Pollution Scandal. Koch Bros, Bush, Scott named.

Gracie

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Koch Brothers Rick Scott and Jeb Bush Exposed in Florida Pollution Scandal

I got bored and went into that long assed thread that new group started and stay buried in. Found this little possible gem of a story and since nobody except the New Group hangs out in there, I thought the rest of us might be interested in discussing whether this is a crock of shit...or some hard facts of truth. And if the latter....oy.
 

S.J.

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Be skeptical, be very skeptical. It's a typical left wing hit piece, you can tell by the slanted way in which it's written. I doubt if there's any truth to it.
 
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Gracie

Gracie

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lol..sorry..but it makes me wonder what else we have missed in that long assed thread. Hell, CK outta make them their own forum since most don't leave that one thread. Ever.

But it was a fluke that I saw it to begin with. No way will I read a 3000+ single thread to see what other tidbits are in there. Oh well. Their loss I guess. Or ours.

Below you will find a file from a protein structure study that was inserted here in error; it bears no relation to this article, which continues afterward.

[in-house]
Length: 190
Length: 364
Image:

waltky

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Global pollution's affect on children...

WHO: Environmental Pollution Kills 1.7M Children Under Five Every Year
March 06, 2017 — Environmental pollution kills more than 1 in 4 children under the age of five every year - that's 1.7 million children worldwide. The World Health Organization warns these child deaths will increase dramatically if action is not taken to reduce environmental risks.
WHO examines the impact of harmful environments on children’s health and offers solutions in two new studies, “Inheriting a Sustainable World: Atlas on Children’s Health and the Environment” and a companion report, “Don’t pollute my future! The impact of the environment on children’s health.” The authors agree that air pollution is the biggest killer and is responsible for 6.5 million premature deaths every year, including nearly 600,000 deaths among children under age five. Margaret Chan, WHO director-general, notes that young children are most at risk of dying from a polluted environment because of “their developing organs and immune systems, and smaller bodies and airways.”